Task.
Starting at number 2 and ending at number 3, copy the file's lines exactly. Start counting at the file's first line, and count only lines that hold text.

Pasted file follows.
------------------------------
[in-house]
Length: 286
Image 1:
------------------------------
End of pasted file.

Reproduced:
Length: 286
Image 1: